Korean start-ups give tasty food a little more technology
Ten of these so-called food tech start-ups took the stage at the Google Campus in southern Seoul on Feb. 15 to show off how they plan to transform the food industry as part of the Food Tech Start-up Competition.
The winner of the day was Park Jong-beom, the 37-year-old CEO of Farmingfund, who wore a straw hat and carried a young pumpkin in his hand during his presentation.
“We, customers and farmers, all want safe and tasty young pumpkins, but under the current market structure, that is very hard,” he said. “So, [Farmingfund] plans to do that hard work.”
Park’s idea was to create a crowdfunding platform that would connect customers directly to their produce while offering stable financial support to farmers. He also plans to release an accident insurance product for farmers at small and midsize farms.
He used to work at Chonggakne Yachaegage, a retail market franchise for seafood and fresh produce, but left last year to pursue his company. Farmingfund turns a profit by taking a 10 percent commission of total investment. Since last year, 170 farmers have already received funding through the platform. As a result, those farmers have been able to deliver their produce to investors at a 15 percent discount.
“If consumers want safer food, we have to invest in farmers, and that’s what we do,” Park said.
“His business model differs from already successful food tech companies, and he laid innovative ideas,” said Kim Bong-jin, one of the competition’s judges and the current CEO of Woowa Brothers, operator of the enormously popular food delivery app Baedal Minjok. “Food tech can bring enormous changes to real estate, logistics and the user experience, meaning that there is infinite potential for start-ups as well.”
An increasing number of domestic start-ups are jumping into the food tech industry, reimagining every step of the process from the production of healthy ingredients to the delivery of a finished meal.
In the delivery sector, top competitors Baedal Minjok, Yogiyo and Baedaltong are expanding the scope of their businesses to deliver food that wasn’t available before, including dishes from famous restaurant far outside of Seoul as well as staple side dishes.
The domestic market for food delivery is currently sized at 80 trillion won ($70 billion), but considering the range of related businesses such as agricultural production, its size could exceed several hundred trillion won.
Second place at the competition went to Lee Kyoung-jin, who used to work at a well-known food company before leaving to found Scan Food. The company analyzes a user’s health information like height, weight, sex, diseases and allergies, and then makes recommendations about dishes that best suit the user’s needs. It utilizes data provided by the Ministry of Food and Drug Safety for domestically processed food products, and for all else, it plans to use Google’s image recognition technology.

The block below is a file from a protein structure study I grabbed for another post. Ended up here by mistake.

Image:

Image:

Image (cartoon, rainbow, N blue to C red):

Another notable competitor was Genoplan, which offers a customized diet plan based on DNA analysis. It was founded by Kang Byung-kyu, who also goes by Brian Kang and is a graduate of the Boston University School of Medicine. The start-up is among the first in Korea to connect DNA-testing technology and health management.
One of the most popular ideas, however, was a start-up that enables Seoulites to taste homemade dishes from around the world. Third-place winner OneFineDinner collects applications online from people who want to taste food cooked directly by people from different countries like Japan, India and Pakistan, and then connects them to foreigners residing in Seoul who are willing to cook for them.
Food tech is gaining attention from global giants like Amazon and Google, which have each rolled out a grocery delivery service - Amazon Fresh and Google Express - last year. Then there’s Uber, which started its Uber Eat food delivery service around the same time.
As a result, familiar concepts like “fast food” are rapidly changing. Thanks to more advanced delivery systems and enhanced customer-producer connections, fast food no longer just refers to hamburgers and fried chicken, but also includes gourmet meals prepared by actual chefs. Increasingly popular options are the New York-based Maple and China’s Hao Chushi.
Billionaires are also investing in start-ups that can come up with solutions to forthcoming food problems. One example is Cultured Beef, a start-up that allows beef to be grown from cultures in a lab rather than taken from a cow, which has gotten support from Google co-founder Sergey Brin.
Microsoft founder Bill Gates, Paypal founder Peter Thiel and venture capitalist Vinod Khosla have all invested in Beyond Meat, which produces meat out of plant-based ingredients; Modern Meadow, also a cultured animal product provider; Hampton Creek, which makes mayonnaise with plant-based substitutes; and Impossible Foods, which makes cheeseburgers entirely out of plants.
Here in Korea, Kim Jung-ju, founder of gaming company Nexon, has invested in Impossible Foods and Beyond Meat, but these kinds of hyper-technical food technologies have yet to take hold in Korea. Even those invested in the sector, such as Naver and Kakao, are still focused on connecting food producers and direct purchasers. One popular recent example was Kakao Farmer Jeju, which connected orange producers in the resort island of Jeju directly with consumers.
BY PARK SU-RYON [firstname.lastname@example.org]